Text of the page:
Their block is a tight-knit community.  They are excited when a new puppy arrives on the dead-end and mourn with the owner when a pet dies.  They have an annual summer barbecue, one with a police permit, not like those in other, less desirable, neighborhoods.   One resident throws an elaborate, yearly Christmas party.   At this time of year, all put wreaths on their door.  That is how you can tell if someone is renting: no wreath.  The owners don’t mingle with the renters but are welcoming when the owners return.  But not all are rich city snobs as it may sound.  Our wife knows that the block’s Latino handyman’s kids have colds.   She goes to his apartment in the Bronx to give him their unused humidifier.  She is disturbed to see how different he acts in his own neighborhood.  Before he sees her, his walk has a swagger.  She notices how, when not in his uniform, he dresses cool and loose, sporting a leather jacket.  When he does recognize her, he adjusts his posture into a meek manner and humbly addresses her as “Missus.”  They are both embarrassed and she wishes she never entered his domain.  As a one-time social worker who did home visits, I know this class difference embarrassment.  The author does such a good job with this moment.  She isn’t shy about it at all.  I cringed.

Despite being so friendly, we learn that not all the owners are so fond of each other.  Still, they are loyal and keep each other’s secrets. At parties, a dignified older woman is usually fall-down drunk.  No one gossips about her drinking problem.  When she goes away for a month or so, no one asks any embarrassing questions.  One self-appointed resident makes himself the official rule man on the block, sending the others’ silly emails regarding what is and isn’t acceptable.  They tolerate him but inside their own homes they are laughing at his made-up rules.  There is one guy known for his explosive temper.  Oddly, he is married to a psychotherapist.  Still, no one questions why a woman who helps others for a living is not capable of helping herself and stays married to a creep.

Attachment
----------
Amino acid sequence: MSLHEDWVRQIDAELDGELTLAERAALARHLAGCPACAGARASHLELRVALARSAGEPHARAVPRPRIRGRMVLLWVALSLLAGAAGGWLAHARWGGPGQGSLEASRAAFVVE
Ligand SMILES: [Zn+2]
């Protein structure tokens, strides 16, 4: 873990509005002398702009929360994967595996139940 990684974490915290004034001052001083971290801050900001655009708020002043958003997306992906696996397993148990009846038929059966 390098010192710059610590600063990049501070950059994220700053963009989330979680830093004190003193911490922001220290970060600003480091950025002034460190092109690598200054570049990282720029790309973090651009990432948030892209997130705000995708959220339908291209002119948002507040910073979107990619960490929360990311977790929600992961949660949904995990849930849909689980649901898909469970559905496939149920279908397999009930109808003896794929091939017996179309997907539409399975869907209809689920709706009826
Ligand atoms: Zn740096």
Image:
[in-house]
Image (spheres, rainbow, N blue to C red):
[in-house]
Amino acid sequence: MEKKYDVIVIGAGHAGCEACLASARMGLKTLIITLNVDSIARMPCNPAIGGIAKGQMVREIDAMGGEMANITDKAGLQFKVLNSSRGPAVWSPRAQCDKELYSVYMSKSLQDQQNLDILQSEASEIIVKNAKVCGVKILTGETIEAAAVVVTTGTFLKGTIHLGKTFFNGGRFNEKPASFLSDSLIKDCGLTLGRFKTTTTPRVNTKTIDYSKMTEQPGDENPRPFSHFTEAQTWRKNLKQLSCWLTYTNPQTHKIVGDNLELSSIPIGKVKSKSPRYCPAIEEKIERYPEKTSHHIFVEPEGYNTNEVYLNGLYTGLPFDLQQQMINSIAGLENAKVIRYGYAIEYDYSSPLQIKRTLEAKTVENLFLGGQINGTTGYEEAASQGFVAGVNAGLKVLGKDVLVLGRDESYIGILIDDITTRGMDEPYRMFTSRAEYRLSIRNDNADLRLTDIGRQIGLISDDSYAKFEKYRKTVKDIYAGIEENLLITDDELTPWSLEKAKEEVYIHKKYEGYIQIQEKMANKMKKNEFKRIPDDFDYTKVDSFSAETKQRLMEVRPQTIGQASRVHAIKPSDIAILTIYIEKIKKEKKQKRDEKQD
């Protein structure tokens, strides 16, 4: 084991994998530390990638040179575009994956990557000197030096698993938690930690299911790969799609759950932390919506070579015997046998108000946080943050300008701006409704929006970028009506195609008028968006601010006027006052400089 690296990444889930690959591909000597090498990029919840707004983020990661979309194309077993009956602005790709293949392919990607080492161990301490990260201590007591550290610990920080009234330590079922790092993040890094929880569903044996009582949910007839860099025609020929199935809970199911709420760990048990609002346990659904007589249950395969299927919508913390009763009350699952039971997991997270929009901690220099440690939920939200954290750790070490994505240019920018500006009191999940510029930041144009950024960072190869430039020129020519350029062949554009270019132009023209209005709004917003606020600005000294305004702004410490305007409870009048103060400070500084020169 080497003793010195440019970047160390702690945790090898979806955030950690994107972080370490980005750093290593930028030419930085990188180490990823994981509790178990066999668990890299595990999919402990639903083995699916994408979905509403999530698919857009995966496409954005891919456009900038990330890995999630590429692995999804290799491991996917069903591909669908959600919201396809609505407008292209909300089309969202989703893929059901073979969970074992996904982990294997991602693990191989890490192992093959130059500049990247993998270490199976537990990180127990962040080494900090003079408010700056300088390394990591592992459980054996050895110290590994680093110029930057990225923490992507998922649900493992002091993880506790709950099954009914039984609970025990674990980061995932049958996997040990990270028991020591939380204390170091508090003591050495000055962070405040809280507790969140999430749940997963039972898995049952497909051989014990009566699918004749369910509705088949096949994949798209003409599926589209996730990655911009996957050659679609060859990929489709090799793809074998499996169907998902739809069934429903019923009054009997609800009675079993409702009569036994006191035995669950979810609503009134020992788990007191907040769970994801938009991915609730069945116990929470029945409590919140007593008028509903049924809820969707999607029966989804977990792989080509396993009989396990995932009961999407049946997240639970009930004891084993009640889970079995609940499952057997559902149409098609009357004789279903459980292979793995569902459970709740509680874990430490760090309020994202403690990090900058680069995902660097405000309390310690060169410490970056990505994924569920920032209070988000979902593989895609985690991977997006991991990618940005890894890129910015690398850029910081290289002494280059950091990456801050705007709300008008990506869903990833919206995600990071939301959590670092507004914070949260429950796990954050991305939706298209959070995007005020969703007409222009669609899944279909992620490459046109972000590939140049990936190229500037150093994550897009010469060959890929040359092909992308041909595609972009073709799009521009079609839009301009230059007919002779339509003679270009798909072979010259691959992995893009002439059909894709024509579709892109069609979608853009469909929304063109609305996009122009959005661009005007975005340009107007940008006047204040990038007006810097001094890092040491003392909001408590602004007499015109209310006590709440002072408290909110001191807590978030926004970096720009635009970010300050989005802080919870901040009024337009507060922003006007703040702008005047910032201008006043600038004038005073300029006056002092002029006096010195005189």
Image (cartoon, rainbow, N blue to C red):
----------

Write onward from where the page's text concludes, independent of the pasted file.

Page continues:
If you are familiar with alternate side parking in NYC, you know that people have been known to sleep in their car to ensure that they move their car at the set time to  have a space in the morning.   Before the couple arrived, one of the dead-end’s brownstones burned down, and the owner chose not to rebuild.  The other residents turn the space into a small parking lot for the block only.  The lot is not large enough to accommodate all residents.  You have to earn it.  The author doesn’t explain how one earns it, but income is implied.  The husband is so thrilled with getting the spot that he sends his kids a text with a picture of their car in the lot.  He feels he has finally made it into the big-time.  There is an act of violence that happens around this parking lot and the community begins to show their true feelings about their neighbors.  Stewing class and racial tensions boil over when an arrogant, rich, white lawyer resident (spoiler) hits the handyman in the leg with a golf club for blocking the entrance to the parking lot.   When the handyman is in the hospital, it becomes clear that some genuinely like the guy.   Others see him only as the hired help.  After the incident, arguments break out.

This novel is a great slice-of-life story on a large canvas.  Slowly, you begin to realize that the married couple are not the real protagonists after all.  The story is really about the enviable dead-end block, which turns into a metaphor of a divided city.  The author is subtle.   Still, you start to understand how this novel is direct in other venues.  She never mentions politics, but I cannot help but think that recently the United States is making global headlines for being a divided country.  If you are not accustomed to literary fiction, you may find the book a bit slow for your tastes.   For me, a few paragraphs are too detailed reading more like a poem than a novel.   But overall, Quindlen’s narrative is a remarkable character study on the complexities of neighborhood, family, and political dynamics.